Why Did Chris Kyle Call Himself an "American Sniper," and Why Were We Cool With It?

The killing Saturday of former Navy SEAL Chris Kyle at a gun range near Fort Worth prompted a call to my office phone from a retired Dallas police officer. He was upset by use of the word "sniper" to describe Kyle's specialty as a soldier, pointing out that "sniper" was never used to describe American soldiers during World War II.

He's right. I wasn't alive during the Big One, but I saw the movies. Snipers were insidious Japanese or perfidious Nazis, shooting from trees and church towers, sneaky bastards, the lot of them, afraid to come out and fight like men.

As late as 1987, when Stanley Kubrick made Full Metal Jacket, the only sniper was a skulking sadistic enemy shooter -- and a girl at that! The VC were little people who fired from concealment. Americans were like the character "Joker," big guys who walked in shooting.

Of course that was never true, because it would have been stupid. The skirmishers who sneaked in ahead of major troop movements on both sides in the Civil War had dual missions -- spying and also shooting any high value targets they could get close enough to kill. America had long-shot killers in towers and killers in trees, too, in World War II, but ours were called "sharpshooters" or "marksmen." Never "snipers."

Until fairly recently, anybody who called an American soldier a sniper would have been condemned for it. During Viet Nam, Kyle's book title would have earned him profound opprobrium from supporters of the war. What has changed?

"Sniper" is Kyle's own word for what he was. I haven't read his book, American Sniper, but the title almost trades on the change in usage, doesn't it? It banks on shock value at the juxtaposition, "American" with "sniper." Somewhere near the top of the book reviews and even in news stories about his death, the writers almost never fail to point out that Kyle felt no regret or shame over his role. It's interesting that the point even needs to be made.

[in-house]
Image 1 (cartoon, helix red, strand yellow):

Why does it need to be said, exactly? If a regular combat Marine veteran of Afghanistan wrote a memoir, would the reviews all point out somewhere near the top that he or she felt no shame or remorse for having fought and killed people in the war? No, not unless the reviewer was dealing specifically with sentiments for and against war.

Otherwise, a typical reader would assume that any soldier sent to Afghanistan was obeying orders, doing his duty by shooting people and generally acting out of courage and patriotic commitment.

Again, it's not the sniping that's new. We always did that. Warriors probably have sniped since the invention of the bow and arrow. What's new is that we now use the same word for it when we do it as when our enemies do it. That is new.

I don't know what the change says culturally or politically, but in terms of straight-up verbal usage, it obviously conveys an equivalency. We do what they do. They do what we do. In that we are the same. At least in the specific form of the shooting, we are not better or worse than our enemies. I don't remember coming across that notion in John Wayne movies. Do you?

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